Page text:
Wednesday, September 3, 2014

Robin Hood

Greg Manchess

“Robin Hood” will debut in Paris this October 17th, at Galerie Daniel Maghen. The solo show will exhibit my adventure paintings from literature, science fiction, fantasy, and historical subjects, as well as new narratives. I plan to continue working on several of the series started here, including this classic. 

Beginning with an iconic portrait of the hero, I chose to place him in mid-stride, moments before the action begins. That’s Robin Hood to me. Movies turn him into some kind of superhero. Fun, but not the kind of thoughtful outlaw I imagine he was. (If he actually existed.) He thinks a number of moves ahead of his adversaries, but sometimes, just not enough ahead for comfort.

I shot a bunch of reference to get the body language right, but stumbled through the first sketch until I captured it in the second.

I thought I’d have plenty of woodland reference in my collection, but failing that, instead I ended up designing the trees one-at-a-time for the composition.

I started the painting, during this year’s Illustration Master Class, with a couple of palette knives. I even glazed some areas for the sun shafts through the trees. Having shunned glazing for decades, I’m beginning to use it to help me see. I painted over the glazing eventually, but it did assist me in picking apart values. I then went back into those areas with thicker paint.

If you nail the values, no matter the color or the weight of the stroke, the painting will live.

Whether tight, loose, or abstract, the work of my painting is to capture as subtle a moment as possible that every viewer can recognize as believable.


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  2. Fantastic atmosphere and character. I don't like the bow and especially don't like the arrow though, they look delicate and generic, and it may be beside the point but also ahistorical.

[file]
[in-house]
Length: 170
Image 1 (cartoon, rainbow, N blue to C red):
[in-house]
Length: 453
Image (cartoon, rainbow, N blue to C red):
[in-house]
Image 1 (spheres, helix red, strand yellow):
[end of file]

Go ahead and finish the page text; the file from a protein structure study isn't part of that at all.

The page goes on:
I think a long, thick English/Welsh long/warbow of two-toned yew with no reflex in the tips, with a much thicker arrow shaft with tapering fletchings, would have looked better. To me at least.

  3. Dangit...I'm gonna have to agree with you, Cole. Especially on the arrow shaft thickness....probably on the longbow as well. The shaft was actually thicker, but in the process of painting, it got trimmed to thinner. I disagree on the fletching. They most likely would've been poorer quality examples than the King's archers' equipment.

    But y'know...this is all about impression and suggestion. More about the character. Like looking at him through a blurred lens.

    Even so, I'll keep that longbow in mind for the next one! (I was SO tempted to do that here, but figured the viewer would see it as too plain. Ah, well...) Thanks for the comments!


  4. greg, you can look up so-called "character bows" – bows made from wood that is not perfectly straight, or has many knots. nowadays, they are usually made as a challenge for the bowyer, therefore often from wood completely unlikely to be made into a bow in the middle ages. but you might get an idea on how to make a simple D-shaped bow like the english longbow a little more rustic-looking, or add some visual interest.